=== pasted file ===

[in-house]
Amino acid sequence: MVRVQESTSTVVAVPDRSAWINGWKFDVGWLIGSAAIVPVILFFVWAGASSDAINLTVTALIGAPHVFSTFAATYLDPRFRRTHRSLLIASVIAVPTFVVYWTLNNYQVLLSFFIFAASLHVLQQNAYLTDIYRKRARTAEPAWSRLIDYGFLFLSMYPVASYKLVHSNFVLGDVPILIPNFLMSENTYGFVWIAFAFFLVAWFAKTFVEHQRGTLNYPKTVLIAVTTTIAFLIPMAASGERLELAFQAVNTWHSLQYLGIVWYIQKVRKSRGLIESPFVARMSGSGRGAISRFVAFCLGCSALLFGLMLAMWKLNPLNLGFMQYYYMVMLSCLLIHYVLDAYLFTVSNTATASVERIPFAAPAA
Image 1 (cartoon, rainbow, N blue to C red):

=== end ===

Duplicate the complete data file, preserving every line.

[in-house]
Amino acid sequence: MVRVQESTSTVVAVPDRSAWINGWKFDVGWLIGSAAIVPVILFFVWAGASSDAINLTVTALIGAPHVFSTFAATYLDPRFRRTHRSLLIASVIAVPTFVVYWTLNNYQVLLSFFIFAASLHVLQQNAYLTDIYRKRARTAEPAWSRLIDYGFLFLSMYPVASYKLVHSNFVLGDVPILIPNFLMSENTYGFVWIAFAFFLVAWFAKTFVEHQRGTLNYPKTVLIAVTTTIAFLIPMAASGERLELAFQAVNTWHSLQYLGIVWYIQKVRKSRGLIESPFVARMSGSGRGAISRFVAFCLGCSALLFGLMLAMWKLNPLNLGFMQYYYMVMLSCLLIHYVLDAYLFTVSNTATASVERIPFAAPAA
Image 1 (cartoon, rainbow, N blue to C red):